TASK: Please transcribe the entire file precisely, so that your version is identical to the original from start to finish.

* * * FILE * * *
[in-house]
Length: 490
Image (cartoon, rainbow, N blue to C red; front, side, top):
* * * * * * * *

[in-house]
Length: 490
Image (cartoon, rainbow, N blue to C red; front, side, top):